Treating dogs with severe separation anxiety

Personal protection puppy training
Step 5Ignore your puppy's nighttime barking and howling when you know it's not a signal that she needs to go out to the bathroom. Puppies will whine and cry when separated from their owners and left alone, especially for the first time.
Start off by putting the puppy in the confined area (crate, exercise pen) for a very short period of time.
In many cases, putting a treat or toy in the crate or pen with the puppy before closing the door will help condition the puppy that it's a fun place to be. It's important to understand that sometimes your puppy will whine and vocalize for no apparent reason - from our point of view!
The reason excessive whining continues is because the dog has learned that whining, crying or barking gets whatever he wants - attention, food, affection. Puppies may cry and bark in a crate out of natural habit, since they are accustomed to whining to get their mother's attention. Always leave the door open to the crate when he is not in it, so he knows he can enter it when he wants to.
Make sure your puppy is getting plenty of exercise so he is tired when he enters the crate.
Like having a baby of your own, getting a new puppy is a commitment to sleepless nights for a while.
While she won't be able to go all night without a trip to the bathroom at first anyway, giving her food and drink before bed makes it more urgent and may necessitate multiple overnight trips out. Crating is comforting to your new puppy, and she'll bark and howl less if she doesn't feel completely alone. Your leash, flashlight, slippers, a plastic baggie and anything else you need should be readily accessible, so you don't have to go searching for them in the middle of the night. The puppy is afraid he is being abandoned by his pack and is sounding the alarm so that he can be rescued.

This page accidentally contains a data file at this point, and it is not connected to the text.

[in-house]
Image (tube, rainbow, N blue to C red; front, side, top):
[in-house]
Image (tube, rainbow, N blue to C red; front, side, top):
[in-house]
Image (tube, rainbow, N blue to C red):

If he is a new puppy that has just arrived at his new home, he is probably used to being with other puppies and his mother.
When everyone else is in bed, the house is dark, there's nothing interesting going on anywhere and your puppy feels isolated, so she'll bark and howl.
If yours sleeps away the early evening hours, she'll be full of energy at night, when all you want is to get some sleep. If you don't want to get your puppy accustomed to sleeping in your room, crate her elsewhere and leave something on that makes a little noise. The less your puppy moves around and gets stimulated, the better the chance she'll go back to sleep instead of starting to bark and howl when you put her back to bed. If you have done everything to care for your little guy's needs and he still barks, he is seeking attention. Ignoring the sounds can be hard to do because you want him to be happy, but giving in will cause you more problems when he barks all the time for your attention.


The good news is this generally lasts only for three or four months, and you can expedite it with appropriate measures to teach your puppy to sleep through the night. Play with your puppy in the evening, take her out for a walk and provide an extra toy or two to keep her stimulated and awake.